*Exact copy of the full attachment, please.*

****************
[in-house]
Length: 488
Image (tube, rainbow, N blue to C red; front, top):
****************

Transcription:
[in-house]
Length: 488
Image (tube, rainbow, N blue to C red; front, top):